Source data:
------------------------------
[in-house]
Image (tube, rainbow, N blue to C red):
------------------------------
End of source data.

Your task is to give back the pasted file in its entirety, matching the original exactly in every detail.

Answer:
[in-house]
Image (tube, rainbow, N blue to C red):